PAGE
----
A woman in the St. Louis area who spent $20,000 and more than two years building a small house for herself had the house stolen from outside a warehouse where she had kept it during construction. But following a nationwide, social media-driven hunt, the house was recovered and returned to its rightful owner.
According to the Washington Post, Meghan Panu had been at work on a 12-foot-high small house for herself, as part of the growing “tiny house” movement. A student at Webster University, Panu had mostly built the house with her own hands. She had been keeping the house, which was still under construction, at a supply warehouse near St. Louis, but she got the call last week that the house had been taken from where she left it.
“He asked if I had moved the tiny house overnight and when I said no, he had the unfortunate news that they hadn’t, and it was likely taken,” Panu told a local news station.
After Panu put the word out on her social media accounts, reports poured in from around the country, from correspondents who claimed to have seen the house being towed on various highways, with reports that placed the home as far away as California.
However, Panu soon got some good news as the house was ultimately found in, of all places, House Springs, Missouri, just 30 miles away from where it was taken. It’s unknown who, exactly, was responsible for stealing it, or how they did it, but an anonymous tip led police to the house’s location. A towing company, as an “early Christmas present,” offered to deliver the house back to Panu free of charge.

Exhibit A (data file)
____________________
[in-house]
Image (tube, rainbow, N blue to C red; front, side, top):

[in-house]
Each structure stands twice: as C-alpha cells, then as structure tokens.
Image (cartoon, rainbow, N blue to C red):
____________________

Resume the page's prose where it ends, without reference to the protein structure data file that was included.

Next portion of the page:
— Chicago Tribune (@chicagotribune) December 23, 2018
The tiny house movement has roots that go far back in history, but it has especially gained popularity following the housing meltdown of 2008. Tiny houses are meant as an affordable, ecologically responsible and mobile housing option, and have been depicted on the reality TV show Tiny House Nation. The tiny houses are even sometimes rented out on Airbnb and other such sites. However, tiny houses have been criticized for their potential to drive down housing prices of more traditional homes.
“Tiny House” was also the title of a humorous Geico commercial from 2004, which parodied the outlandish reality TV premises of the time:
Panu, who operates an Instagram page called St. Louis Tiny Living, plans to complete her tiny house, and move into it this spring.